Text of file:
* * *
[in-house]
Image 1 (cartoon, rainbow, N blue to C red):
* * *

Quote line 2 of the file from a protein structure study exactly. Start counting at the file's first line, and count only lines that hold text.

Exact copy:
Image 1 (cartoon, rainbow, N blue to C red):